‘We were brothers!’ Each of these insider attacks among Afghans hurts the camaraderie needed to combat the Taliban, retired Afghan Gen. Atiqullah Amarkhail said.
“In the military we say, ‘the great victory is to capture a fort from its inside,’” Amarkhail said. “This creates a huge mistrust inside the security forces. The soldier does not trust his commander and vice versa, so during a battle it will cause a huge defeat.”
Almost all who carry them out are “brainwashed, trained and sent inside the Afghan security forces,” Amarkhail said.
Insider or “green-on-blue” attacks by Afghans on American or coalition soldiers claimed four lives last year and wounded eight. Green-on-green attacks among Afghan security forces were far deadlier, leaving 133 dead and 50 wounded in 2018.
When insider attacks against coalition forces were at their peak, with more than 50 coalition troops killed by allies in 2012, U.S. defense officials and some independent researchers attributed them largely to “personal grievances” and cultural misunderstandings.
But intelligence almost always pointed to an infiltrator, not a convert, said Jawed Ludin, Afghanistan’s deputy foreign minister at the time.
“Our screening and profiling capabilities are not well established,” Ludin, who now works for a consulting firm, said in a recent phone interview, adding that personal recommendations often serve as background checks.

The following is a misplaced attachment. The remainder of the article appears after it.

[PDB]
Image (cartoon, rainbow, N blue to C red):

“Far too often, people have used that faulty system to get in,” he said.
In late 2017, the Defense Ministry signed a new force protection and insider threat policy and began enhanced screening techniques that as of November had led to more than 600 Afghan special operations troops being removed, Pentagon reports said.
The Afghan military is also building an information database about its soldiers that it hopes will help thwart or capture inside attackers, Defense Ministry spokesman Qais Mangal said.
Still, some slip through. The most recent prominent example, Ludin said, was the gunman who killed Gen. Abdul Raziq, Kandahar province’s police chief and government strongman, last fall.
That attack also wounded an American general and missed Gen. Scott Miller, commander of NATO forces in Afghanistan.
The assassin, Raziq’s personal guard, had gotten the job on the recommendation of his cousin, even though he had trained on video with the Taliban in Pakistan six months earlier and had been calling them on the phone throughout the plot, according to The New York Times.
Ali, the Helmand attacker, also had long discussions on the phone before his attack, and after his strike he escaped to the Taliban, Rasoly said.
The commander thinks Ali will try to reach Kabul, and then sneak back into his home province of Laghman, he said. The Defense Ministry says a team has been sent to Laghman to find Ali.
The deaths were the first in his unit in seven months, Rasoly noted.
“M------f------!” Rasoly said in English. “All of the soldiers are so angry now. All of them say, ‘Why he do this? Why? We were his brothers!’”
Zubair Babakarkhail contributed to this report.